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Old Jul 16th 2016, 07:42 PM   #11
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Yes, I do need some diagrams. I might have to dust off my Inkscape drawing package. Anyway, I will attempt to describe it in words.

I am assuming we have two sets of xy axis. To try to avoid confusion I will call one set xy which is stationary and the other set x'y' which is rotating. Their origin coincides and one set is fixed and the other rotating. In the two body problem I am assuming that one mass is at the origin and the other is fixed onto the rotating x' axis some distance from the origin. (I should really say the axis is fixed to the moving mass, not the other way around. The moving mass can move along the x' axis otherwise I would be forcing a circular orbit. I wish to make no such restriction.) Thus the rotating axis is not rotating at constant angular velocity but coincides with the orbital position of the x'-axis. I will also choose two observers, one fixed to the stationary axis xy and I will refer to him as observer O and the other fixed to the rotating axis x'y' and I will call him observer O'

As you point out, when the orbit is exactly circular, then the gravitational force and the "centrifugal" force must be equal and opposite for an observer fixed to x'y'. For an elliptical orbit (seen by O) our observer O' sees an an oscillating force (presumably this "centrifugal" force) moving the second mass backwards and forwards a distance described by the difference between the apogee and the perigee.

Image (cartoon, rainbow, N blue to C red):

In my simulation I tried to calculate this "centrifugal" force from angular momentum conservation (or a zero coriolis force) which I now realise was incorrect as these two forces are othogonal. Just thinking about it now can I compute it from the centripetal force F = mv^2/r using instantaneous tangential velocity and radius or is it more complicated than that ?

Last edited by kiwiheretic; Jul 16th 2016 at 07:44 PM.
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Old Jul 17th 2016, 10:50 AM   #12
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Conservation of momentum does not imply zero Coriolis force. What it does imply is that momentum is a constant, which means r^2 phi_dot is constant. Hence the derivative with respect to time of r^2 phi_dot =0, and thus:

d(r^2 phi_dot)/dt = 2r r_dot phi_dot + r^2 phi_double_dot =0, and finally:

2 r_dot Phi_dot + r phi_double_dot = 0.

This is the accelartion in the phi_hat direction, and it consist of two parts that cancel each other out: the Coriolis term and the angular acceleration term.

Regarding radial forces and acceleration, the equation is:

GMm/r^2 = m r_double_dot - m r phi_dot^2

That second term is centrifugal, and is equivalent to the mv^2/r that you asked about (assuming v is tangential velocity); but note that you can't ignore the radial acceleration term r_double_dot.
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Old Jul 17th 2016, 04:59 PM   #13
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Originally Posted by ChipB View Post
GMm/r^2 = m r_double_dot - m r phi_dot^2

That second term is centrifugal, and is equivalent to the mv^2/r that you asked about (assuming v is tangential velocity); but note that you can't ignore the radial acceleration term r_double_dot.